September 7, 2013

That Was The Show That Was: Porcelain Raft with Avox Blue, Casey Desmond | Great Scott, Boston | 4 Sept.

Porcelain Raft, Avox Blue, Casey Desmond | Great Scott, Boston | 4 Sept.

[PHOTO: Dillon Riley] Brooklyn-based synth-pop outfit Porcelain Raft Wednesday night opened the tour supporting the new set Permanent Signal right here in Boston at Great Scott. I'd been a big fan of the act since the release of its early 2012 debut Strange Weekend, but this would be the first time I was able to experience how Italian-born mastermind Mauro Remiddi and co. render the dense sound of their records in front of a live audience. The crowd vibe was subdued as the trio mounted the stage, live drummer in tow, and sparked the proceedings with "Think Of The Ocean," the first song off Permanent Signal. Right away Mr. Remiddi showcased the key building block of the band's sound, a vast array of vintage keyboards and synthesizers. Porcelain Raft's songs may be self-serious, but Remiddi seemed at ease in front of the crowd, content to not take himself too seriously.

The threesome augmented their live instrumentation with presets and a drum machine, and the blend of played and prompted sounds gave the performance a warmth some might argue is lacking from its recordings. In fact, Porcelain Raft comes off a lot more human on stage than even devotees might expect, and indeed the band Wednesday sounded a lot better in flagranza than what is captured on their LPs. The one-two punch off "Ocean" and "Cluster," with its ringing guitar leads, set a somber and yet startlingly playful tone for the remainder of the set, which we were pleased to note included songs from Strange Weekend as well as many of the highlights from the new record, which was released Aug. 20 by Secretly Canadian. The trio closed with "Drifting In And Out" from the debut, icing on the cake, as the song is a personal favorite.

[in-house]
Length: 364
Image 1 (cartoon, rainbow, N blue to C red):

Throughout, I couldn't shake the feeling that the show was severely under-attended. This is a project that's been boosted by prominent online outlets, and yet there I was up against the stage with plenty of elbow room. But that is, of course, one thing that makes shows like Wednesday's so great, that feeling that you're onto something a lot of people are ignoring or just don't get. Local synth-gaze producer Avoxblue and electropop purveyor Casey Desmond opened, and acquitted themselves well. -- Dillon Riley

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